I’m on my way back from Glasgow where I just visited CHI2019. The conference is known for being the biggest research conference within the Human Computer Interaction community. This year I was honored to be a presenter together with my brilliant colleague, Emma Frid. If you are interested in interactive multi modal installations, please have a look at our paper “Sound Forest – an exploratory evaluation of an interactive installation“. I will write another post about the paper so let’s get to the point:
First of all: CHI is huge! I was told, we were were 3800 delegates from all over the world. The biggest companies in the field were there, including Google, Facebook, Adobe, Spotify, Mozilla and many more. From Monday to Thursday there were over 20 seminars in parallell adding up to something like 1000 presentations!!. The schedule is found here https://confer.csail.mit.edu/chi2019/schedule and I went immediately to the filter and searched for “music”. I didn’t find that many talks, so I added “sound” which together with “tactile” made most of days busy enough.
Beside the talks, there was also a big hall where big companies shared the space with news startups and lots of researchers eager to share their thoughts and results with others. One of the most interesting posters to me was Jacob Harrisons “Accessible Instruments”: http://instrumentslab.org/research/accessible-instruments.html.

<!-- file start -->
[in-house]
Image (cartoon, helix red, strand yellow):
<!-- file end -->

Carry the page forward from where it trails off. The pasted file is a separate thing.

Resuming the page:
Looking at the conference as a whole, I would say the trends definitely points towards artificial intelligens and virtual reality. Even different aspects of “robots” seems to attract a lot of attention. One aspect of CHI I really liked was the playful attitude towards design. You could find anything from very useful tools for people with disabilities to more provoking studies on what an Internet for dogs would look like.
Zooming in a bit more on my own topic, Sound and Music Computing, I left with some thoughts:
It seems to me that there is more interest in haptics than sound and more interest in sound than in music. This actually leaves the topic of music in interaction design more or less left out and when someone involves “music” it tends to be sine waves, white noise or MIDI-notes controlled by an interactive system. The result is very rarely something I would consider “music”.
My conclusion is that there is a huge area still to be explored when it comes to integrate more “normal” music into interactive environments. So, let’s roll up our sleeves and see what we can to contribute to this area. It’s too big to be left unexplored!